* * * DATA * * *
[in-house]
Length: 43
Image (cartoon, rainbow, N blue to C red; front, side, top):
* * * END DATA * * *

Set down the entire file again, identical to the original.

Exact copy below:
[in-house]
Length: 43
Image (cartoon, rainbow, N blue to C red; front, side, top):